We are linking up to Yeah Write Me this week. Head on over there to read some great writing and support a community of writers.
Tribes are a big part of Planet Teen © . Your friends, your buds, your posse—If you are a teen, this core group can make or break your day. Most of the time, things are peaceful, sometimes less so. Here’s our take on maintaining your sanity when the tribe is rocky.
Ellen- If you have a teen or a tween, it feels like “PEER PRESSURE!” screams from every poster, magazine, and After School Special. Oh wait, After School Specials were my generation.
Erin-All of us of a certain age remember them—we had five channels and no remote. If you were a kid allowed to watch TV, you were tuning into such gems as My Mom’s Having A Baby—live birth and everything (should have probably taken notes or something) and Rookie of the Year (girls are great at sports too–who knew?)
Ellen- Remember “Schoolboy Father,” where Rob Lowe lobbies to have custody of his baby even though he’s 16?
Erin- What’s not to love? Anyway, these specials didn’t just aim to entertain, they had loftier goals—they wanted to educate us on some of the dangers of adolescence.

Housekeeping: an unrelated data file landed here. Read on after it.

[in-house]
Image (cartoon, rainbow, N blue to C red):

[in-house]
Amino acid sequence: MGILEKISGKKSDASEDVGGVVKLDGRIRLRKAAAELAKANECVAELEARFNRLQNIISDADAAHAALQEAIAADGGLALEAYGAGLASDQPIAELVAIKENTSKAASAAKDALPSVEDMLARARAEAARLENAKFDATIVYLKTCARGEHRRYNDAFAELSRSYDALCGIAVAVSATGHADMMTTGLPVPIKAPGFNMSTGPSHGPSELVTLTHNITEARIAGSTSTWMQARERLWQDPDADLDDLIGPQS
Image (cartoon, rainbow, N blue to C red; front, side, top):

Peer pressure figured in a lot of them. Apparently, friends were the real wolves in the forest. The ones with their sheep’s clothing sliding off in their not-so-subtle attempts to ruin your life.
Ellen- But in a rare turn, I’m going to look at the brighter side of things. Peer is not the bad word here. Peers can also provide wonderful support and encouragement.
Erin- Unfortunately, there is no way to order a “well-adjusted-fun-sweet-tempered-best-bud-for-your-kid” on the internet.
Erin- But you really are looking for more than “Hey, I’m a kid, you’re a kid” when trying to find a peer group that works for your kids.
Ellen- Now don’t get crazy ideas in your head about interviews and DNA samples. Your child has always got to have freedom in choosing his or her own friends.
Erin- But you know what they don’t have a choice over? Their birth year. For no other reason than when they were popped out into this world, they are stuck with their birth cohort at school. In some schools, this group could be together for their entire K -12 lives.
Ellen- For some this could be the most comfortable fit in the world.
Erin – For others, the fit could be as awkward as OJ trying to squeeze his meaty paw into that glove.
Ellen- But while choosing your child’s friends is not something you should try to do or face dire consequences, what if you gave them more choices?
I have a phrase that I have coined, “Don’t Have All of Your Friends in One Basket.” Get it? A play off of the idiom, “Don’t Place All Your Eggs in One Basket.” I know, not a huge stretch, but focus on the wisdom of it, not my creativity.